So.... I created a solid 25 x 25 x 25 sandstone block (/fill ~1 ~ ~1 ~25 ~25 ~25 sandstone) and then used a structure load block to place the EMC tribute inside. First I moved the start outside of the block so that you can see what is going to happen here:

    Clearly visible: the outline of the EMC tribute which I'm about to load

    After this screenshot I repositioned it inside the sandstone block, loaded it, switched to spectator mode and when I move inside you can clearly see that the tribute has created a small room. All the original sandstone blocks have been replaced by air:

    So now we're going to do the same thing with the beacon_pyramid which I set up during the start of this guide. Just as a reminder, this one here:

    My beacon_pyramid, notice all the red squares?

    All those red blocks you see represent structure void blocks. So when I load this structure inside my sandstone block you'll notice something completely different:

    The only thing visible are the two beacons and the glass blocks on top of those, but the iron pyramid is completely invisible. And there is also no 'room' or empty space. That's because the structure void blocks made sure that no existing block in my world got replaced by loading in the pyramid.

    But, uhm, didn't we already have schematic files?

    People familiar with server mods such as WorldEdit or client programs such as MCEdit will already know about schematic files: a community designed way in which we can save and load Minecraft structures. And even better: no 32block size limits either!

    Those are definitely cool developments as well, but personally I still prefer the structure blocks myself. First of all because they're a native, vanilla, feature. So even if you're using the latest snapshots then this feature will become immediately available. But also, just as important, because these are truly embedded within the Minecraft world. As I demonstrated in the first post they can even be triggered by redstone, which makes automations plain out awesome!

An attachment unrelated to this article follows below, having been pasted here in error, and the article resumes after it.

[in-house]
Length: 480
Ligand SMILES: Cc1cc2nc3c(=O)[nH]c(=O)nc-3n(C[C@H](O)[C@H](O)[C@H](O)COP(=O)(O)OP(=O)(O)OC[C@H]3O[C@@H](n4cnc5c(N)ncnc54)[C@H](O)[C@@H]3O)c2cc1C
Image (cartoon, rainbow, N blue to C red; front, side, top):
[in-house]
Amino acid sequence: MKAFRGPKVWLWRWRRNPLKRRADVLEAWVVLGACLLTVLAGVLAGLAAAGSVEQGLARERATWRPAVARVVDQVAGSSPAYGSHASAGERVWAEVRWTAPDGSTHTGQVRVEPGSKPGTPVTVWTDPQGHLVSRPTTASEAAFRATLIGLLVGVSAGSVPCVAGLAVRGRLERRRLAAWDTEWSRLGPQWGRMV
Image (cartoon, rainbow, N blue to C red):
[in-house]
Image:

And finally: the mysterious Data block

    When 1.10 first came out I've seen many Youtuber making a complete idiot out of themselves by telling us exactly what the data block was going to do according to them. Of course, only to be proven wrong. This is also exactly why I didn't bother with this block in the first part, simply because I didn't know what it was supposed to do.

    In all fairness though: even the official Minecraft wiki choked a bit on this topic. And even today several people are still having problems with it.

    To be perfectly honest I myself also have a theory on how we might be able to use this block as non-developers (but it is untested so far!).

    Data block => Only usable with non-existing areas

    If you spawn in an endship (use a structure load block, and then use this name: endcity/ship) you'll notice several data blocks attached to it. A data block basically contains the name of a script to run, and that script will then "do" something with the associated block.

    Known names are: "Sentry" (the block will be replaced with a Shulker), "chest" (sets a "loot table" for an underlying chest, so that specific items get generated. This applies to Igloo's), "Chest" (same as before, but this time for End ships), "Elytra" (creates an item frame with an Elytra in it).